Asian American and immigrant communities felt the economic impact of COVID-19 weeks before shutdowns began. These businesses were some of the first to be affected by the pandemic, when anti-Chinese rhetoric and fears of the virus spread far before cases started appearing and increasing in major cities. Studies show that Black, Latinx, Asian, and immigrant businesses were affected most, as well as female-owned businesses. According to the National Bureau of Economic Research, 26% of small Asian businesses owners went out of business from February to April 2020. Businesses that were affected included restaurants, transportation, and hospitality, among several others.
However, many of these businesses are finding innovative solutions to combat the impact of COVID-19. Some communities, such as Chinatown in Chicago, have looked to community non-profits to help residents with social service programs and applying for unemployment. Many communities have also expanded their outside dining area to attract guests throughout the summer. In addition, business owners have also tried to keep their staff employed, even if they are working at 30% capacity.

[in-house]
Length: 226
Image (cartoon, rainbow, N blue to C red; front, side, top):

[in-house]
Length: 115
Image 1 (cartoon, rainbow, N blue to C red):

However, the social impact of COVID-19 is much more nuanced. Communities that relied heavily on dishes such as Korean BBQ, dim sum, and hot pot were affected by COVID-19 due to the social nature of these cuisines. In Boston, Chinatown restaurants sat empty as the city’s student population declined and customers switched to takeout options. Questions arise of how this will impact areas not only economically, but socially too. Businesses are aware they are not only dealing with a pandemic, but also anti-Chinese rhetoric and racial inequity. Many of these businesses rely on busy areas and community to keep afloat.
Across the world, restaurants grapple with changes to social dining. The atmosphere and dining experience created by restaurants have attracted a wide crowd in the past, but dining areas are now only reserved for a select few. The experience of dining out, meeting strangers, and sharing food will drastically change, at least in the near future.
It will take community leaders, residents, and innovators to create solutions to help BIPOC businesses. Especially in the coming months with the weather changing, the solutions that cities and residents construct will affect the way we eat, share food, and connect to different cultures. Already, people are sharing recipes online and creating specialized takeout services. Hopefully the future of dining, transportation, and hospitality will include ways for business owners and customers to connect in new ways and help the community flourish.